Algebra is hands down my favorite part of math. I use it ALL. OF. THE. TIME. I write equations to figure out if I can beat my brother and his family to my parents' house based on how many stops they make and how fast they are going...it's SO useful. Getting that across to a bunch of 11 and 12 year olds takes more than just a nice speech, though. I'm sharing a few of my favorite things to do with my class to get them love-love-loving expressions & equations.

**To introduce variables**I do this activity - and I FINALLY made a product and posted it in my store. This just gets kids thinking about variables and what they mean - that they stand for something!

For each letter of the alphabet, there is a card with a variable. For example, card B says, "B is bigger than a baboon." They have to write B = a cruise ship (or whatever they pick) and they also have to PLUG IT BACK INTO THE ORIGINAL STATEMENT. After teaching this for a few years, I've decided to get the plugging into their heads early. So, their final statement is "A cruise ship is bigger than a baboon." If they just say that B = cruise ship, it no longer makes sense in the original statement (Cruise ship is bigger than a baboon). Why not throw a little grammatical practice in, too, am I right? Poor kids.

I love this activity especially because my class has to get up, move around, and talk to each other to find out information about each other. Some of the statements say things like, "V wants to be a veterinarian." etc. So they get to chat and they think they're totally getting out of math work. My rule is that they can only use a person once on their paper. That way they have to *

*gasp!** branch out from their BFFs.**To practice evaluating expressions**I created this gem: EQUATION INVASION! The game requires the group to have a die! A card is flipped and each person rolls the die as many times as there are variables. This way not everyone has the same exact answer since they each roll for themselves. Evaluate away! If your answer is a multiple of 10, touch luck, Chuck. You lose ALL OF YOUR POINTS! (Invasion). If it is not a multiple of 10, you get to add the answer you generated to your total points score. I tell my class to keep each other honest because if your neighbor isn't being honest, they'll beat you. Competitive, much?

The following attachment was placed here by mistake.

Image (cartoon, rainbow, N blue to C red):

This product differentiates in seconds - each card has the letter A, B, or C on it. C is your most challenging card level.

To differentiate

**WITHIN**each letter, just change up your dice options! I have a million different dice in my classroom. If a student needs a change, just give them a different die! I've learned that differentiation doesn't always mean writing three or four (or more!) different assessments and lessons. There are some ways to make it really easy for myself! #teacherwin!**For combining like terms,**I use two things. This activity from Middle School Math Madness. It's great for your visual learners to color coordinate. I also use this as a math center (also designed for quick differentiation) from my store here.

What are your favorite tips, tricks & products for algebra?